Death by Black Hole by Neil Tyson is among the best astronomy related books to appear for some time. In the best traditions of Carl Sagan, another popularizer of things cosmolgical, Tyson does a masterful job at explaining often drab and uninteresting topics in a most excellent manner. Death by Black Hole reminds me of book written by Isaac Asimov nearly thirty years ago, A Choice of Catastrophies. Death has the benefit, however, of thirty years of new information about the cosmos. Consisting of 42 articles that originally appeared in Natural History, Death by Black Hole covers a huge range of topics; everthing from basic astronomy subjects to sophisticated physics topics. The most interesting chapters, in my opinion only are Chapt 7, Planet Parade; Chapt. 11, Antimatter Matters; Chapt 17, Colors of the Cosmos, Chapt 23, Goldilocks and the Three Planets; Chapt 30, Ends of the World; and Chapt 41, Holy Wars. Actually, there isn't a bad read in any of the 42 chapters, but these just seem to stand out. Carl Sagan would have enjoyed Death by Black Holes....maybe he has read it where ever he is at. An excellent book to add to your library.

Accessible and Entertaining Cosmology

Get out your crayons. Make a Sun in the sky. If it is like every Sun you have colored since you were a kid, it is a happy yellow ball. "And I don't care what else anyone has ever told you, the Sun is white, not yellow," writes astrophysicist Neil deGrasse Tyson in _Death by Black Hole and Other Cosmic Quandaries_ (Norton). "If the sun were yellow, like a yellow lightbulb, then white stuff such as snow would reflect this light and appear yellow - a snow condition confirmed to happen only near fire hydrants." How do we keep getting this wrong? Why do people think there is no gravity in space, or that what goes up must come down? How come total solar eclipses seem rare, but actually happen every couple of years? And especially important, how do we obtain those data to show us that these assumptions are wrong? Furthermore, what does happen when you step into a black hole, or into a hole that goes clean through the center of the Earth? What is going to happen when the Andromeda galaxy hits our own Milky Way? ("Gas clouds would slam into each other; stars would be cast hither and yon.. our planet could get flung out of the solar system... That would be bad.") And it is going to happen, but a couple of billion years before that happens, the Sun will explode and die and vaporize all the contents of the Earth. But as Tyson observes, "I'd say we have more pressing issues of survival before us." Tyson's book consists of chapters that appeared as columns in _Natural History_ magazine. There is death and destruction all through it, and yet he writes with buoyant optimism and humor, making even the strangest findings of astrophysics accessible. We have a vast scientific and intellectual tradition, but we have fought against the ideas of one scientist after another who would give us a true picture. At the end of the chapter, Tyson reflects: "What are the lessons to be learned from this journey of the mind? That humans are emotionally fragile, perennially gullible, hopelessly ignorant masters of an insignificantly small speck in the cosmos. Have a nice day." The humor has the ring of truth, but Tyson is no pessimist. We may be slow to learn, but we do know some darned interesting stuff, and his presentation of it, touching on what we know, how we know it, how the universe and the solar system got started and are going to end, and what it all means to humans, is full of admiration for the scientists who got us this far. We are clever, but we are goony. A few years ago, Tyson got a call from a marketing executive who thought it would be a good idea to project her company's logo onto the Moon, and wanted to know how best to do this. Tyson slammed down the phone, but "... called her back and politely explained why it was a bad idea." Tyson's final chapters have to do with science and religion: "The claims of science rely on experimental verification, while the claims of religion rely on faith. These are irreconcilable approaches to learn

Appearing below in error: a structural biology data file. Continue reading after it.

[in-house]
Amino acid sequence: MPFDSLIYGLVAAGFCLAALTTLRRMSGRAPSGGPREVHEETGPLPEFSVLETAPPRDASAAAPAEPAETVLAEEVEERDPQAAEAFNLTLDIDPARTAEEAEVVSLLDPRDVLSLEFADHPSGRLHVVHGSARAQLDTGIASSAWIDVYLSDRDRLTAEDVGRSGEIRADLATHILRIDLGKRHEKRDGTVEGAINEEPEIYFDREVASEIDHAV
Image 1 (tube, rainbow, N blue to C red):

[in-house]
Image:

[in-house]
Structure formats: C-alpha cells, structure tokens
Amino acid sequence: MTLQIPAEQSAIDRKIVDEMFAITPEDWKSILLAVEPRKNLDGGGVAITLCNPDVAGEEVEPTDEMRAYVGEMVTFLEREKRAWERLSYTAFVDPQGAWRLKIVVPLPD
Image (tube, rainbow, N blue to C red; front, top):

Death by Black Hole: And Other Cosmic Quandaries Mentions in Our Blog

Death by Black Hole: And Other Cosmic Quandaries in Celebrating Black History Month: 14 Black Scientists Who Changed the World
Celebrating Black History Month: 14 Black Scientists Who Changed the World
Published by Beth Clark • February 20, 2019
Black history IS history, and Black History Month is a time to celebrate both contemporary and traditional black history, beginning with a nod to Dr. Carter G. Woodson, the scholar who established what we now celebrate in an effort to collect, document, and backfill all of the history that was missing because it never made it into the books. Below are 14 scientists, mathematicians, and engineers who have made significant contributions to furthering the human race for people of all color.